Article
Background: Severe odontogenic infections are serious potentially lethal conditions. Following the death of a patient in the authors' institution this study was initiated to determine the risk factors, management and outcome of a consecutive series of patients. Methods: All patients admitted to the Royal Adelaide Hospital under the care of the Oral and Maxillofacial Surgery Unit with odontogenic infections in calendar year 2003 were investigated. Detailed information relative to their pre-presentation history, surgical and anaesthetic management and outcome was obtained and analysed. Results: Forty-eight patients, 32M, 16F, average age 34.5, range 19 to 88 years were treated. All presented with pain and swelling, with 21 (44 per cent) having trismus. Forty-four (92 per cent) were as a result of dental neglect and four (8 per cent) were regular dental patients having endodontic treatment which failed. Of those known to have been treated prior to presentation, most had been on antibiotics. Most patients had aggressive surgical treatment with extraction, surgical drainage, high dose intravenous antibiotics and rehydration. The hospital stay was 3.3 (range 1–16) days. Patients requiring prolonged intubation and high dependency or intensive care (40 per cent) had longer hospitalization. No patient died and all fully recovered. Conclusion: Severe odontogenic infections are a serious risk to the patient's health and life. Management is primarily surgical with skilled anaesthetic airway management. Antibiotics are required in high intravenous doses as an adjunct and not as a primary treatment.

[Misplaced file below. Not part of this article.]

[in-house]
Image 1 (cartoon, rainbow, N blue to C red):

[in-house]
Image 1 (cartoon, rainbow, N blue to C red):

Article
Odontogenic infections constitute a substantial portion of diseases encountered by oral and maxillofacial surgeons. Infections start from dental tissues and sometimes rapidly spread to contiguous spaces. The consequence is a fulminant disease with significant morbidity and mortality. The study was aimed at studying the pattern of spread, approach to management, and outcome of these infections at a Nigerian teaching hospital. A retrospective study of all patients with orofacial infections who presented to our center over an 18-month period was carried out. The medical records were reviewed to retrieve the following: age, gender, source of infection, anatomic fascial spaces involved, associated medical conditions, various treatment modalities, types of antibiotics administered, causative micro-organisms, length of stay in the hospital, and any complications encountered. Infections were classified into 2 categories: those that are confined to the dentoalveolar tissues belong to category I, and those that have spread into the local/regional soft tissue spaces and beyond belong to category II. Odontogenic infections constituted 11.3% of the total oral and maxillofacial surgery cases. A total of 261 patients were treated for odontogenic infections. There were 146 female patients (59.8%) and 98 male patients (40.2%) in the first category, whereas the second category comprised 10 male patients (58.8%) and 7 female patients (41.2%). The fascial spaces involved, in descending order, were submasseteric in 10 (22.7%), submandibular in 9 (20.5%), and sublingual in 6 (13.6%). The causative micro-organisms commonly found were Klebsiella and Streptococcus spp. Incision and drainage were performed in the 17 cases with spreading infection. Amoxicillin, amoxicillin/clavulanate, and metronidazole were the most routinely administered antibiotics. Our experience shows that delay in presentation, self-medication, aging, male gender, and unusual causative agents are some of the factors associated with spread. Therefore efforts must be made to further improve public dental awareness.